If your claim lasts longer than eight weeks, WorkSafeBC will reset your wage rate in an eight week rate review.  This is called your long term wage rate - and it replaces your initial wage rate.   WorkSafeBC normally sets the long term wage rate based on your earnings in the year before your injury.  However, if WorkSafeBC accepts that those earnings do not represent your usual earnings, it may calculate your long term wage rate on an average of your earnings in the three or even five years before your injury.    WorkSafeBC would normally take into consideration your earnings from the three or five year period prior to the injury where the 1-year earnings are unusually low for some reason, such as an atypical work stoppage, injury, or family problem that prevented you from working for a period of the 1-year time frame. 

Be aware that the long term wage rate is often lower than your initial wage rate.

Usually, the rate decided at the eight week rate review is also used for your permanent disability award. However, there are special circumstances where the disability awards adjudicator or officer may use a different rate than the eight week rate for your permanent disability award. The adjudicator or officer must explain in writing on the WorkSafeBC file why a different rate was used. Some of the reasons could be: your young age, your level of education, some special training you have, or the long-term significance of the disability.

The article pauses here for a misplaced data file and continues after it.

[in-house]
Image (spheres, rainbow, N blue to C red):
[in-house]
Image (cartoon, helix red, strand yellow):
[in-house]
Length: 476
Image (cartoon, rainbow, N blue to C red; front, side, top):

If your wage loss benefits did not last eight weeks and no eight week review was done, then the adjudicator or officer may give reasons (but is not required to) for setting your permanent wage rate differently than your initial rate.

What if I am not satisfied with my wage rate?

When you request a review of your wage rate, it is important to understand what WorkSafeBC originally decided and how it reached that decision. Then, in your appeal, you can clarify information that was misinterpreted or misunderstood, and provide new information that was not considered by WorkSafeBC.

WorkSafeBC has different ways of deciding a wage rate. As discussed above, the most common method of deciding the wage rate is to average your earnings for the 12 months before the injury. However, in a Request for Review you can ask for another method of deciding your wage rate, based on your employment situation. You must be able to provide a good reason for changing how your wage rate was calculated.

Below are the most common circumstances where the method of determining your wage rate might be changed.